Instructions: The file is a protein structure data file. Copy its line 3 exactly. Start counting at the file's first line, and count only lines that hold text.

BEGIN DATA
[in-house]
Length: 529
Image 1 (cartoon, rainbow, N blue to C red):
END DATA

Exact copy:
Image 1 (cartoon, rainbow, N blue to C red):